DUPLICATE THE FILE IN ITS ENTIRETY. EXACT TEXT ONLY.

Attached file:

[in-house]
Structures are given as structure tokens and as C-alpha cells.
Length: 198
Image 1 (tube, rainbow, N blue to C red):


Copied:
[in-house]
Structures are given as structure tokens and as C-alpha cells.
Length: 198
Image 1 (tube, rainbow, N blue to C red):